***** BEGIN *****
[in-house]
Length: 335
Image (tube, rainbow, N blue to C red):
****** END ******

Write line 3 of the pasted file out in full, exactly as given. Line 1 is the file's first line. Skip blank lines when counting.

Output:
Image (tube, rainbow, N blue to C red):